From The Blog

Tymoshenko Case May Disrupt Euro Cup

I’ve long admired former Ukrainian prime minister Yulia Tymoshenko for her fiery rhetoric and steely nerve. But even as she languishes in prison,...

I’ve long admired former Ukrainian prime minister Yulia Tymoshenko for her fiery rhetoric and steely nerve. But even as she languishes in prison, Tymoshenko might be about to engineer her most significant political coup yet: a boycott of the upcoming Euro 2012 soccer tournament by European governments.

With the signature blond braid that sits – crown-like – above her head and her glamorous, almost regal bearing, one could easily mistake Tymoshenko for pure political window dressing. But that would seriously underestimate this woman’s power and influence. Tymoshenko played a major role – alongside her onetime ally Viktor Yushchenko – in spearheading Ukraine’s 2004 pro-Western Orange Revolution. Subsequently, she served as prime minister of the country from 2007 to 2010, when she narrowly lost an election to current president Viktor Yanukovich.

Tymoshenko’s fortunes changed last year when she was jailed for seven years over a controversial natural gas deal with Russia during her tenure as prime minister. Many – including Tymoshenko herself – viewed her arrest and imprisonment as a crackdown on political opposition in the Ukraine as well as retribution by Yanukovich against his main political rival.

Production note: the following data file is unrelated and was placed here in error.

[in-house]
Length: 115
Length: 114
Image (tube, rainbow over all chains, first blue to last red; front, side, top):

Since April of this year, however, her situation has deteriorated significantly. She is now on a hunger strike following what she claims was a brutal beating April 20 by prison guards, who she maintains punched her and twisted her arms and legs while forcibly taking her to a hospital to be treated for chronic back pain. She has refused any medical treatment beyond pain killers to date, insisting that she must have her medical treatment abroad. German doctors who have examined her say that she is in “urgent need of specialized care” and German Chancellor Angela Merkel has publicly requested that the Ukrainian authorities send her to Germany for “proper treatment” of her ailments.

Read the rest of this post at The Washington Post’s She The People blog

Image: Ukraine Prime Minister Yulia Tymoshenko by European Parliament via Flickr under a Creative Commons license

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